Console.WriteLine("a == b ? {0}", a == b ? "Yes":"No");
            Console.WriteLine("a1 and a are equal? {0}", a1.Equals(a)? "Yes":"No");
            Console.WriteLine("a1 == a ? {0}", a1 == a ? "Yes":"No");
            
            // This test demonstrates the inconsistent behavior of == and Object.Equals.
            Console.WriteLine("b and bcopy are equal ? {0}", bcopy.Equals(b)? "Yes":"No");
            Console.WriteLine("b == bcopy ? {0}", b == bcopy ? "Yes":"No");
        }
    }
}

This example produces the following output.

Output

a =  ([0] 1,1) and b = ([1] 2,2) are equal? No
a == b ? No
a1 and a are equal? Yes
a1 == a ? Yes
b and bcopy are equal ? No
b == bcopy ? Yes

The following example shows a type that technically violates this rule, but does not behave in an inconsistent manner.

using System;

namespace UsageLibrary
{
    public struct GoodPoint
    {
        private int x,y;
        
        public GoodPoint(int x, int y)
        {
            this.x = x;
            this.y = y;
        }
        
        public override string ToString()
        {
            return String.Format("({0},{1})",x,y);
        }
        
        public int X {get {return x;}}
        
        public int Y {get {return x;}}
        
        // Violates rule: OverrideEqualsOnOverridingOperatorEquals,
        // but does not change the meaning of equality;
        //  the violation can be excluded.
        
        public static bool operator== (GoodPoint px, GoodPoint py)
        {
            return px.Equals(py);
        }
        
        // The C# compiler and rule OperatorsShouldHaveSymmetricalOverloads require this.
        public static bool operator!= (GoodPoint px, GoodPoint py)
        {
            return !(px.Equals(py));
        }
    }
}

The following code tests the behavior of GoodPoint.

using System;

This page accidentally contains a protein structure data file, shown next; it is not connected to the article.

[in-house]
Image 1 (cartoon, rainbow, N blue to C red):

namespace UsageLibrary
{ 
    public class TestGoodPoint
    {
        public static void Main()
        {
            GoodPoint a = new GoodPoint(1,1);
            GoodPoint b = new GoodPoint(2,2);
            GoodPoint a1 = a;
            GoodPoint bcopy = new GoodPoint(2,2);
            
            Console.WriteLine("a =  {0} and b = {1} are equal? {2}", a, b, a.Equals(b)? "Yes":"No");
            Console.WriteLine("a == b ? {0}", a == b ? "Yes":"No");
            Console.WriteLine("a1 and a are equal? {0}", a1.Equals(a)? "Yes":"No");
            Console.WriteLine("a1 == a ? {0}", a1 == a ? "Yes":"No");
            
            // This test demonstrates the consistent behavior of == and Object.Equals.
            Console.WriteLine("b and bcopy are equal ? {0}", bcopy.Equals(b)? "Yes":"No");
            Console.WriteLine("b == bcopy ? {0}", b == bcopy ? "Yes":"No");
        }
    }
}

This example produces the following output.

Output

a =  (1,1) and b = (2,2) are equal? No
a == b ? No
a1 and a are equal? Yes
a1 == a ? Yes
b and bcopy are equal ? Yes
b == bcopy ? Yes

The following example shows a class (reference type) that violates this rule.

The following example fixes the above violation by overriding Object.Equals.

The following example shows a structure (value type) that violates this rule.

The following example fixes this violation by overriding ValueType.Equals.